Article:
Legacy media’s relationship with the digital might become even stranger as digital media and tech companies are now looking to the established players to find scale. Speaking at the Local Online Advertising Conference in New York Tuesday, Warren Webster, co-founder of Patch, hinted that the hyperlocal media network might look to partner with established local media companies to resell its advertising products.
“I’ve always felt, theoretically, there shouldn’t necessarily be two identical sales forces going after the same clients with a very similar product,” said Webster in response to a question about the company’s partnership plans. “We could work with some of the established media companies that have sales forces to sell our product. We’re open to that.”
Webster said that until recently the company has been “hesitant” about running partnerships with local media companies, developing mostly content partnerships on an “ad hoc basis.” The network has worked with a “major television company” to source information for segments about neighborhoods on a local news programs, which are sponsored, and generate a revenue share for the company, according to Webster.
It’s a strategy that AOL CEO Tim Armstrong teased out during the company’s Q4 earnings call last month, and one which is gaining traction as a viable option for technology players like Facebook to enter the local market. Dan Levy, director of small business at Facebook, said as much Tuesday morning.
“Given that [our company] is run by an engineer, we would love if our product was simple enough that every small business owners could use it on its own. But we know [simple] is not enough,” said Levy. “We know that we’re going to have to rely on [local media resellers] to help make Facebook work for local businesses.”
Facebook’s SMB program is substantially less evolved than its enterprise-focused products, and the company has struggled so far to cultivate the services ecosystem, which has been key to a company like Google in bringing a complex product like paid search to a relatively low-touch market. Levy said that while the number of local businesses advertising on Facebook has doubled since January 2012, 70% of brand pages currently managed by third-parties have negligible consumer engagement.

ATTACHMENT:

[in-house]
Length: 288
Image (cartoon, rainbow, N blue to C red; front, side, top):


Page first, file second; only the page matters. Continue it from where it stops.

Given Facebook’s recent push into local on the product side with the launch of Nearby, its local discovery product, and Graph Search over the past three months, the company is likely to begin rolling out the infrastructure needed to scale an efficient partnership program. That means better APIs and integration tools to allow third-parties to builds the social-equivalent of demand-side platforms for small businesses.
As more legacy local media and yellow pages companies look to position themselves as a marketing agency for local businesses, reseller relationships should provide both sides of the market with solid value in the near-term. The question for media companies is whether they can develop a competitive technology arm before the pure-play companies build out a comparable sales structure and product footprint.
Steven Jacobs is deputy editor of Street Fight.